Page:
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75% of Australia’s existing coal generator fleet is passed its design life, according to the WWF report.

“To enjoy clean air and reduce carbon pollution Australia will need to shift to a modern, 21st Century model, powered by 100% renewable energy by 2035. This is possible, affordable and very popular.

In the lead up to the federal Election, WWF-Australia is calling on all parties to commit to a transition to 100% renewable electricity by 2035.

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  1. Cooma Doug 4 years ago

    I had many arguments with grid controller colleagues 10 to 15 years ago about the 5% barrier. Now they are seeing the reality that coal is the problem and base load a b grade solution

    • Alastair Leith 4 years ago

      take them to visit SA, 40% must seem like a mirage 😉

  2. david_fta 4 years ago

    I’ve been pretty sceptical about any “need” for so-called baseload power, so I wax lyrical about solar thermal power so as to shut the baseload believers up.

      • Вячеслав Лактюшкин 4 years ago


      • Alastair Leith 4 years ago

        thanks, i don’t know why RE doesn’t provide these links 🙂

    • Alastair Leith 4 years ago

      AEMO actually say that wind and solar are ‘baseload’ providers, while obviously variable in output capacity. I’ve got some powerpoints from presentations where they’ve make this argument. It’s all semantics in the end, matching generation to demand or managing demand to fit generation and having enough dispatchable energy is now the name of the game. Call it baseload if we want, the peakers will still peak at high cost for some time to come until we have 100% RE!

  3. Chris Fraser 4 years ago

    The word ‘load’ in baseload seems to be the anachronism. It should have nothing to do with the load, because as we now believe demand for energy (the load) is entitled to be very flexible. Baseload was possibly conjured up by coal generators to avoid making excuses for being forced run coal furnaces all night. ‘Ha, I’m the only one that can’t switch off – therefore I’m baseload’… regardless of whether coal energy was completely consumed or not.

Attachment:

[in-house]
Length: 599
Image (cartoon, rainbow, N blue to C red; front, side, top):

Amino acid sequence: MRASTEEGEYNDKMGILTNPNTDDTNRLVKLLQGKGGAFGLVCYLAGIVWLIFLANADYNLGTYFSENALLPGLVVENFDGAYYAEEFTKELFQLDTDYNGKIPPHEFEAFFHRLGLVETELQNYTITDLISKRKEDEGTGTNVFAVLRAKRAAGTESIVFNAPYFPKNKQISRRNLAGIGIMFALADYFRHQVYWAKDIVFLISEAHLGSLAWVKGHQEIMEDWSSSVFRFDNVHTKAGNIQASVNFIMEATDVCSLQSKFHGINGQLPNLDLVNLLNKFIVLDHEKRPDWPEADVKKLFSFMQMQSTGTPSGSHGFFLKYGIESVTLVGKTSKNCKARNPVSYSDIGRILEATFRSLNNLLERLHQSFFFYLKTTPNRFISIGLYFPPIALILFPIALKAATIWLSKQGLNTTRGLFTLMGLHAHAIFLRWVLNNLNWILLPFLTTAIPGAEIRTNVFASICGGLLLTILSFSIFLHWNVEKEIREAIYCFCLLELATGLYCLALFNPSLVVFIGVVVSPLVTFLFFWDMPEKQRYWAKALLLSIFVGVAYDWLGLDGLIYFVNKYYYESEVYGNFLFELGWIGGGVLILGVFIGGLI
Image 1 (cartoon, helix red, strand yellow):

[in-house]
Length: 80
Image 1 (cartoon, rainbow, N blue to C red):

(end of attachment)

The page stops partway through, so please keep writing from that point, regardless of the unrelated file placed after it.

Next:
• Cooma Doug 4 years ago

      I suggest you read up on “system black” . This is a disaster that we spent 50% of our money to avoid. Base load is a courner stone of both the cause and prevention of such a disaster. The evolution of renewable small local generation, managed on the load side of the meter will eliminate these threats and costs as a side bonus.
      There is a video on youtube that goes through the londonsystem black event in the 90s.

  4. Brian Tehan 4 years ago

    We’ve known for years that coal power stations generate too much power at night (thus off peak electricity prices). Apart from the waste of fuel, etc, there’s also large amounts of unnecessary co2 emissions.
    There’s no need for “baseload” power but there is a need for top up power, which can be provided by storage, including battery and hydro, including pumped hydro. In the short term, it is probably necessary to use gas to fill in some of the peak requirements.

  5. Zvyozdochka 4 years ago

    Our WA energy minister (ex-IPA) Mike Nahan admits we don’t need Muja, having just wasted ~$300m on it. They won’t turn it off because of ALNP and Unions.

    • Alastair Leith 4 years ago

      Nahan has directed Synergy turn off part of Muja, the part that hasn’t been running since refurbishment I believe so I’m not sure whose job you think Nahan is protecting. Apparently one issue is the States credit rating if they were to retire all the excess capacity in the grid, being a state owned enterprise. Muja A and B may be partly foreign owned though my source tells me, which makes it more attractive to Treasury to close down.

  6. Brunel 4 years ago

    I think baseload means the minimum power requirement at 3am.

    In the past, they built coal power stations to supply that demand.

    • Alastair Leith 4 years ago

      in the past they build coal to meet almost all the demand and gave away cheap power to industry because it was slow to ramp.

      • Brunel 4 years ago

        Peaking power stations are decades old.

        For making toast and tea in the morning.

        Along with electric trains running at a higher frequency in the morning.

        • Alastair Leith 4 years ago

          yeah, i understand see, my comment below for more nuanced comment about ‘baseload’. basically it’s all semantics from yesteryear. Everything that isn’t Dispatch generation is Baseload, and that includes wind and solar as variable baseload.

  7. Steve 4 years ago

    Seriously, you (and the Climate Council) have included Munmorah and Playford in a 2014 table, for discussion in 2016 about what you feel needs to be done ???

  8. Matthew Johnston 4 years ago

    Morales is sitting on all the lithium in Bolivia. As little Bill knows. Why the US bailout of GM the volt.